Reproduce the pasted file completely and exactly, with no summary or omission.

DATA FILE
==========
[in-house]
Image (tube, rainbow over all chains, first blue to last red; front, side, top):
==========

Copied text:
[in-house]
Image (tube, rainbow over all chains, first blue to last red; front, side, top):